After five years, chances are slim cancer will return. But again, I learned you can’t pay attention to statistics. In February 2008, I found a lump in my armpit, and after a series of scans, I learned it had returned as stage IV cancer. I went to a world-renowned cancer hospital only to be told I would certainly die from breast cancer. Luckily I turned it into a challenge to prove the doctor wrong.

    I spent my career in healthcare public relations, and always loved writing patient success stories. I already knew my friend Buzz Sheffield, who was told five years earlier he had months to live. (Today, eight years later, he is alive and well.) I also read Bernie Siegel’s wonderful book, Love, Medicine and Miracles, which talked about Exceptional Cancer Patients and how the worst thing doctors can do is to give death sentences.

    So I started my search for more incredible people who beat the odds of terminal cancer for my book, From Incurable to Incredible. I was searching for answers. It was an extremely personal journey. As someone facing a Stage IV breast cancer diagnosis, you could say my life depended on it.

    My biggest question was: What sets people apart who beat the odds of a terminal or incurable prognosis? As I was putting the 27 stories together, I noticed many similarities among survivors nationwide who shared their stories. Rather than passively accepting their circumstances; they decided to transform them by:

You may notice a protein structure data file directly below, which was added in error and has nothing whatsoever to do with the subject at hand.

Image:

• Refusing to buy into statistics and the death sentences many of them were given.

    • Never giving up, no matter what. They may have had down times, but were able to pull themselves together and do what they needed to do.

    • Relying on support from family, loved ones, or support groups. These connections gave them a reason to carry on.

    • Choosing to look on the bright side and see the gifts cancer brings.

    • Giving back and making a difference in other people’s lives, whether it was fundraising, lobbying, or supporting other survivors.

    • Having a strong sense of faith. Even if they didn’t believe in God, they believed in something larger than themselves.

    • Being proactive participants in their health care.

    • Viewing their lives as transformed by their experience.